China has sent its first-ever ministerial-level official to Taiwan for four days of meetings to rebuild ties with the self-ruled island.

Zhang Zhijun, Minister of Beijing’s Taiwan Affairs Office, reached the island’s main airport on Wednesday to speak privately with his government counterpart. He sidestepped scores of anti-China protesters to enter a nearby hotel for the talks.

In 2008, Beijing set aside its military threats to sign agreements binding its economy to that of the investment-hungry island.

Dialogue opened that year as Taiwan President Ma Ying-jeou agreed to put off political issues to build trust and improve the island’s economy through tie-ups with China.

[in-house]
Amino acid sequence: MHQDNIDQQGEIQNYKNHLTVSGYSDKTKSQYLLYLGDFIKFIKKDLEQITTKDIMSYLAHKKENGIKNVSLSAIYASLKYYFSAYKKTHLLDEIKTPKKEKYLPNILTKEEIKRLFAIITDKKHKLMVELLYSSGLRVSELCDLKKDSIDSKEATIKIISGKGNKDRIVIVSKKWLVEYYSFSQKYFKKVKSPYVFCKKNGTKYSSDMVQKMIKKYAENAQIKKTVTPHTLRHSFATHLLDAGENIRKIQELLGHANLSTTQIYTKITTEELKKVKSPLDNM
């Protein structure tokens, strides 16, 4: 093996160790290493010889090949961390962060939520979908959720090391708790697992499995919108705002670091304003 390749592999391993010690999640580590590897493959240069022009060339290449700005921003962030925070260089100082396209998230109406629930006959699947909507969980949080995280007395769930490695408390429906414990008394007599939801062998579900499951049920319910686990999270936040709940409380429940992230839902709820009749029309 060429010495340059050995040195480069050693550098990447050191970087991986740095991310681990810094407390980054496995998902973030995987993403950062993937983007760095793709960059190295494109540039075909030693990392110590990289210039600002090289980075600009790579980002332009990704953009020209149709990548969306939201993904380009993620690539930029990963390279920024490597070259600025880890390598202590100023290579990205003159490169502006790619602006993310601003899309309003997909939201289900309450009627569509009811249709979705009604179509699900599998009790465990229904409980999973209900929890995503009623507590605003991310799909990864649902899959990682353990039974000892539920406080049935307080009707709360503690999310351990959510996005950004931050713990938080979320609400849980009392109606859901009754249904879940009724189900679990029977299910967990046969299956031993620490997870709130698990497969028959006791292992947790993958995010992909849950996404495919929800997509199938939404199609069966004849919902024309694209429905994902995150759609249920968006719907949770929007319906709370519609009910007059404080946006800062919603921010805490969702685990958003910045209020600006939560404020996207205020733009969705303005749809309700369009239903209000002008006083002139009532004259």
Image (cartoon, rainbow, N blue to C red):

But in March, hundreds of student-led protesters forcibly occupied Parliament in Taipei to stop ratification of a two-way service trade liberalisation pact.

“Zhang wants to show to the world, Taiwan and the mainland included, that the two sides are moving closer in spite of the Sunflower Movement earlier this year,” says Leonard Chu, a China studies professor retired from National Chengchi University in Taipei.

Mr. Zhang and his Taiwan counterpart Wang Yu-chi are expected to discuss future rounds of import tariff cuts and establishing consular-style offices helpful to investors and tourists. Taiwan said it will make no announcements during the visit, which Beijing described as a chance for its Minister to understand the island better.

The main opposition party said it will not organise protests against Mr. Zhang, though smaller protest groups are vowing to follow him during the visit.

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